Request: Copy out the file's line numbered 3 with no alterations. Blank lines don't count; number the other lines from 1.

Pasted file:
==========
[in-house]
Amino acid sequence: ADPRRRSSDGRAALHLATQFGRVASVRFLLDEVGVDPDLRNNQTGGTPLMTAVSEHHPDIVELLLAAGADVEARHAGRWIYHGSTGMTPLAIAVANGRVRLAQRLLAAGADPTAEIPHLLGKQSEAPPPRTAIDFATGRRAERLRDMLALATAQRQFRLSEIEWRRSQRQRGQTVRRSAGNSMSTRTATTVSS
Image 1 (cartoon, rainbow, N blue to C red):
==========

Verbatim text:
Image 1 (cartoon, rainbow, N blue to C red):